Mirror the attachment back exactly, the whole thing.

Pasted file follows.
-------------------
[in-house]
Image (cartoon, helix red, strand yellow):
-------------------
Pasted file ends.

[in-house]
Image (cartoon, helix red, strand yellow):